Nataal’s highlights and favourite art works from the debut edition of AKAA (Also Known As Africa) art fair
Without a doubt, the maiden voyage for AKAA (Also Known As Africa) was a rousing success and Nataal enjoyed the ride. The international art fair devoted to contemporary art and design from Africa attracted 15,000 visitors to Carreau du Temple in Paris last week to enjoy works by over 100 artists plus insightful performances and debates. “AKAA paves the way for a meeting place where the actors of the contemporary art market from Africa come together to exchange dialogue and share with spontaneity,” says founder and director Victoria Mann.
As one of its five special projects, Nataal’s exhibition was busy for the duration of the three day event with collectors, dealers, curators and art lovers appreciating our chosen projects by Andrew Dosunmu (read story here), Chris Saunders (read story here), Cyndia Harvey (watch film here ) and Durimel (read story here). Meanwhile 30 galleries put their best foot forward with works by leading talents around the globe. Here’s our top 10 highlights.
Rachid Koraïchi, represented by the October Gallery, festooned the centre thoroughfare of AKAA with the installation Les Maîtres Invisibles. The renowned Paris-based Algerian artist’s piece comprised multiple large-scale embroidered banners and wooden sculptures giving reverence to the 14 great Sufi mystics of Islam.
Franck K. Lundangi
Angolan footballer turned artist Franck K. Lundangi showed his paintings with Galerie Polysémie. Now based in France, his simple watercolours reflect his dreamy memories of home. Humans, animals and celestial figures create their own supernatural universe.
Art Meets Camera dedicated its entire booth to emerging South African photographer Nobukho Nqaba, who debuted her new body of work Ndiyayekelela (Letting Go). The series of deeply personal images address Nqaba’s attempts to deal with the death of her father. Her tussling with blankets and clothing symbolise the artist’s taught emotions, which she also brings to life in performance pieces.
50 Goldborne selected images from Joana Choumali’s highly praised series Hââbré, The Last Generation. The Ivorian photographer adopted a classic studio portraiture style to raise questions around the dying practice of facial scarification in Abidjan. Each photograph “illustrates the complexity of African identity today in a contemporary Africa torn between its past and its future,” Choumali says.
A striking tapestry in the style of a grand Victorian portrait was the centrepiece of the ARTCO gallery space. German-born multi media artist Marion Boehm sets African subjects dressed in fineries against theatrical backdrops as a reaction to their absence in such imagery from the colonial period. Her stitcheries and gobelins create a rich textural reaction to a history that should have been.
Farida Hamak’s hazy, romantic images of the Saharan town of Bou Saada, entitled On The Traces, dominated the Regard Sud booth. The former photojournalist captures the people and places of this sandy trading post in a soft, almost anonymous light, as if each image is itself being blown away on the harmattan winds. “I have exalted transparency and white, ultimate expressions of brightness,” says Hamak. “The effect rubs out all the details to show only purities.”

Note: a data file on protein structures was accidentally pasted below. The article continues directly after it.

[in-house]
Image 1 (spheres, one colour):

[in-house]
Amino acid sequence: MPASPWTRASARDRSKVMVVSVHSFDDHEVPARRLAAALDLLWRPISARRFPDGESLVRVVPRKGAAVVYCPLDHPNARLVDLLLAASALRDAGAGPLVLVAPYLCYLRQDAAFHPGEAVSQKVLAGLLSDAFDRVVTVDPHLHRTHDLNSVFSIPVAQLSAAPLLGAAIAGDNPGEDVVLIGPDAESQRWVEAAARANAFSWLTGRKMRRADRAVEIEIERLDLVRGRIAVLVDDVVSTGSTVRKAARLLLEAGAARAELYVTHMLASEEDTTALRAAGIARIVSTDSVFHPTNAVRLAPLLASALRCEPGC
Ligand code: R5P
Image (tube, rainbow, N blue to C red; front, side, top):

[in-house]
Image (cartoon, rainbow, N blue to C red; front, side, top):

Clémentine de la Féronnière hosted Ghanaian photographer James Barnor and some of his well-loved archive taken in Accra and London in the 1960s and 70s. Through his lens both cities are swinging with a young generation of Africans who, whether at home or in the diaspora, are embracing the liberating fashions and lifestyles of their times.
Ephrem Solomon’s woodcut and mixed media pieces depict life in his native Addis Ababa with a graphic quality that infuses his lonely figures with political agency. The young artist, here represented by Circle Art Gallery, uses heavy black and white markings to ground us in reality while meaningful objects such a chairs and slippers, and flashes of bright colours, question the void between personal and public power.
Naomi Wanjiku Gakunga
Established Kenyan sculptor Naomi Wanjiku Gakunga uses tin cans and oxidised sheet metal to create wall hangings that exude a transient yet abrupt beauty. Her corroded and discarded materials speak to the concept of Jua Kali, the Swahili expression meaning ‘under the hot sun’, while the way they are stitched together reflect her grandmother’s Kikuyu weaving skills. Ephemeral meets monumental in the able hands of this October Gallery artist.
Daniel "Kgomo" Morolong
The work of Daniel "Kgomo" Morolong has been posthumously recognised as an invaluable documentation of life in apartheid South Africa between the 1950s and 1970s. Jazz band double bass player by night, jobbing photographer by day, Morolong captured social scenes on the streets and beaches of the Eastern Cape, his archive now a prized record of the everyday lives of people rising above oppression to live normal, happy lives. He was presented at AKAA by Everard Read Circa, courtesy of the Morolong Estate.
Words Helen Jennings